Getty Images

UFC 196: Diaz beats McGregor via submission; Tate takes title from Holm


LAS VEGAS (AP) — Nate Diaz beat Conor McGregor by submission with 48 seconds left in the second round Saturday night for the second spectacular upset of UFC 196.

Miesha Tate also won the UFC bantamweight title at the MGM Grand Garden Arena, finishing Holly Holm in a rear naked choke with 90 seconds left in the fifth round.

Diaz (20-10) was battered and bloodied for the first 1 1/2 rounds by McGregor (19-3), the UFC 145-pound featherweight champion and pay-per-view star fighting at 170 pounds.

Diaz, who took the fight on less than two weeks’ notice, abruptly changed the bout with an electric series of punches before forcing McGregor to tap out on the ground.

“I thought I landed with some good punches that got him off (his game),” Diaz said in one of his few post-fight comments not punctuated by exuberant profanity. “I started off slow, but I’m faster than anyone later on. My jiu-jitsu is always there for me.”

Earlier, Tate (18-5) became the third 135-pound champion in UFC history by beating Holm (10-1), the woman who knocked out Ronda Rousey in November. Holm appeared to be unconscious when Tate finally released her from the choke to celebrate.

“Not many people wouldn’t tap out,” Tate said. “She went out like a champion.”

The main event was the greatest moment in the career of Diaz, a pugnacious veteran from a notorious fighting family in Stockton, California. Diaz had lost three of his past five fights and was just 5-5 since 2010, but his size and power abruptly finished McGregor, who had boasted of his plans to hold championships in multiple weight classes.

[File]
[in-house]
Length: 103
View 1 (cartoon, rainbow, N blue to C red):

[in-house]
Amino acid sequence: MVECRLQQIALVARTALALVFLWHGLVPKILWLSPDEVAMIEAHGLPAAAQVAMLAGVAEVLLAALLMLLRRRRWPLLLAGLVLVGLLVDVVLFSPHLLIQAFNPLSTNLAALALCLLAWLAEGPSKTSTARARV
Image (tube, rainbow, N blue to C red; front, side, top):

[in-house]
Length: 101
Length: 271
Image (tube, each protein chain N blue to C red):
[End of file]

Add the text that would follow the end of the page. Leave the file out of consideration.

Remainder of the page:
The loss ended McGregor’s 15-fight winning streak since November 2010 and put a blemish on the loquacious Irish face of the UFC.

“These things happen,” McGregor said. “I learn, I grow. I’ll face it like a man, like a champion.”

McGregor is still the UFC’s 145-pound champion, but he agreed to fight Diaz at the welterweight limit less than two weeks ago when 155-pound lightweight champion Rafael Dos Anjos dropped out of his matchup with McGregor due to a foot injury.

McGregor set a new UFC record with his $1 million disclosed purse for this fight, but that’s only a portion of the wealth bestowed on a champion who gets a percentage of pay-per-view sales and other undisclosed bonuses. He expected a comfortable win over Diaz, comparing the veteran to a gazelle about to be eaten by a lion.

Instead, McGregor got bit.

“I felt good in the first round, but I was inefficient,” McGregor said. “He was efficient. I wasn’t. I took a chance. It didn’t work out.”

The penultimate fight at UFC 196 was a thrilling clash of styles, and Tate fought until the waning minutes before finally using her superior ground game to outstanding effect.